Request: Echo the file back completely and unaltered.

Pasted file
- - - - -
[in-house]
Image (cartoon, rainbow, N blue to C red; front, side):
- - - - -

[in-house]
Image (cartoon, rainbow, N blue to C red; front, side):